Rotary Logo annual theme
Serving Berea, Middleburgh Heights
and Olmstead Falls
College Scholarships

Each year we give a $1,000 scholarship to one student from each high school in our area; Berea, Olmsted Falls and Polaris Vocational Career Center. The Club awards up to $12,000 per year.

Vocational Service Programs

Vocational Service focuses on:

  • The contribution of Rotarians' vocational and professional talents to the problems and needs of society.
  • Rotarians recognition of the worthiness of all useful occupations.
  • Rotarians adherence to and the promotion of the highest ethical standards in all occupations, including fair treatment of employers, employees, -associates, competitors and the public.

How do Berea Rotary Club's programs focus on these principles of vocational service?

  1. The contribution of Rotarians' vocational and professional talents to the problems and needs of society.

    Berea City School District's Business Advisory Council. This is an organization made up of business people, teachers, students and administrators working in partnership for the benefit of both students and business. The Vocational Services Committee Chairman services on this council and also participates in the Council's annual mock interview program for Berea High School and Midpark High School students.

  2. Rotarians recognition of the worthiness of all useful occupations.

    Employee Courtesy Awards Program.

    One employee from the public sector and one employee from the private sector are publicly recognized for exemplifying a positive and courteous attitude in their relationship with the public. Berea rotary Club and the Sun Newspapers partner to honor these two people at a banquet in November where each receives a trophy and a $500.00 Series EE U.S. Patriot Bond. Their employers are also invited and receive a plaque that can be displayed in the employee's workplace.
    View biography of previous recipients.

  3. Rotarians adherence to and promotion of the highest ethical standards in all occupations, including fair treatment of employers, employees, associates, competitors and the public.

    The 4-way test of the things we think or do:

    1. Is it the TRUTH?
    2. Is it FAIR to all concerned?
    3. Will it build GOODWILL and better FRIENDSHIPS?
    4. Will it be BENEFICIAL to all concerned?

    Conceived in 1932 by Herbert J. Taylor, Rotary Club of Chicago and President of Rotary International in 1954-55. Taylor had been assigned the task of saving a company from bankruptcy and he had developed the test as a way to monitor his own actions in trying to revive the company. Officially adopted in 1943 by the Rotary International Board of Directors as an official component of the Vocational Service ideal.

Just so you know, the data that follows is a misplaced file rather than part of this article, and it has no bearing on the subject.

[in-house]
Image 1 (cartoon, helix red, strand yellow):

Community Service Programs

  • The DARE drug education program
  • Berea Arts Fest
  • Earth Day programs
  • Church Street Ministries
  • Thanksgiving meal program
  • Adopt-a-Family

International Exchange

Rotary sponsors foreign exchange programs for high school and graduate students and business people. Our graduate level study program is the largest private scholarship plan in the U.S. (with $650 million donated, it is ten times larger than the Fulbright Program). The Group Study Program sends adults from our district around the world for visits of 4 to 6 weeks. Berea Club sponsors outbound students and hosts inbound students annually.

Polio Plus

With an original goal of $250 million the Polio Plus Fund has now exceeded $400 million, and has played a key role in eradicating polio throughout the world, a task that the World Health Organization declined due to the scope and difficulty. The Berea Club individual members donated over $6000 in 2003.

From the Wall Street Journal 5/12/05
Polio and Rotary
April 12, 2005
Today marks the 50th anniversary of the Salk polio vaccine. Poliomyelitis, also know as infantile paralysis, used to be one of childhood's most feared diseases. A few years after Dr. Jonas Salk announced his vaccine on April 12, 1955, nearly every child in the U.S. was protected. Today polio has disappeared from the Americas, Europe and the Western Pacific and is nearly gone from the rest of the world.
A too-little known part of this feat is the role played by Rotary, the international businessman's club, which 20 years ago adopted the goal of wiping out the disease. Rotary understood that medical breakthroughs are worthless unless people aren't afraid to immunize their children and efficient delivery systems exist to get the vaccine to them. And so it mobilized its members in 30,100 clubs in 166 countries to make it happen.
In 1985, when Rotary launched its eradication program, there were an estimated 350,000 new cases of polio in 125 countries. Last year, 1,263 cases were reported. More than one million Rotary members have volunteered their time or donated money to immunize two billion children in 122 countries. In 1988, Rotary money and its example were the catalyst for a global eradication drive joined by the World Health Organization, Unicef and the U.S. Centers for Disease Control. In 2000 Rotary teamed up with the United Nations Foundation to raise $100 million in private money for the program. By the time the world is certified as polio-free -- probably in 2008 -- Rotary will have contributed $600 million to its eradication effort.
An economist of our acquaintance calls Rotary's effort the most successful private health-care initiative ever. A vaccine-company CEO recently volunteered to us that the work of Rotary and the Gates Foundation, both private groups, has been more effective than any government in promoting vaccines to save lives. It's become fashionable in some quarters to deride civic volunteerism, but Rotary's unsung polio effort deserves the Nobel Peace Prize.

Bob Huge
PO Box 55
Berea OH 44017

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